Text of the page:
Cross-Border Cooperation Between Securities Regulators

69 Pages Posted: 20 May 2019 Last revised: 12 Feb 2020

See all articles by Roger Silvers

Roger Silvers

University of Utah; European Corporate Governance Institute (ECGI)

Date Written: May 2, 2019


The events of September 11, 2001, prompted sweeping cross-border coordination efforts for securities regulators around the globe. After 9/11, the International Organization of Securities Commissions (IOSCO) forged a nonbinding arrangement—the Multilateral Memorandum of Understanding Concerning Consultation and Cooperation and the Exchange of Information (MMoU)—that standardized the protocol for information sharing among participating securities regulators. Because regulators from different countries entered the MMoU at different times, their enlistments created a set of staggered shocks. I use these shocks to show that the resulting cross-border cooperation (a) increases cross-border enforcement and (b) reduces the cost of liquidity provision in the capital markets of participating countries. These results support the conclusion that the MMoU helps fill gaps in cross-border regulation that historically exposed investors to information asymmetry, agency costs, and expropriation risks.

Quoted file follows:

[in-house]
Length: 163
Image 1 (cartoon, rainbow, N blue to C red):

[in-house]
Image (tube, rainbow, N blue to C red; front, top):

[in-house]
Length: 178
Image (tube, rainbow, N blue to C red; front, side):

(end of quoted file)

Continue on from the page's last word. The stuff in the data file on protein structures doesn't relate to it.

Keywords: cross border, information sharing, networks, regulatory cooperation, enforcement

JEL Classification: K22, G38, F22, F23, F59, M48

Suggested Citation

Silvers, Roger, Cross-Border Cooperation Between Securities Regulators (May 2, 2019). Journal of Accounting & Economics (JAE), Forthcoming, Available at SSRN: or

Roger Silvers (Contact Author)

University of Utah ( email )

1655 E Campus Dr
SLC, UT 01003
United States


European Corporate Governance Institute (ECGI) ( email )

c/o the Royal Academies of Belgium
Rue Ducale 1 Hertogsstraat
1000 Brussels

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